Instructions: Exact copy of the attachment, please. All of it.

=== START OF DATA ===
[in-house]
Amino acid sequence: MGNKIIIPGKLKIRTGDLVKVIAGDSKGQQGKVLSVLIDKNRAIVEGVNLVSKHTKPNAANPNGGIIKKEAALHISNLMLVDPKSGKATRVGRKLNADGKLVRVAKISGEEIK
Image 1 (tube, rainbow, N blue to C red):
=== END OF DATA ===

[in-house]
Amino acid sequence: MGNKIIIPGKLKIRTGDLVKVIAGDSKGQQGKVLSVLIDKNRAIVEGVNLVSKHTKPNAANPNGGIIKKEAALHISNLMLVDPKSGKATRVGRKLNADGKLVRVAKISGEEIK
Image 1 (tube, rainbow, N blue to C red):